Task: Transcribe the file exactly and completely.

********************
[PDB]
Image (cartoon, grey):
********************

[PDB]
Image (cartoon, grey):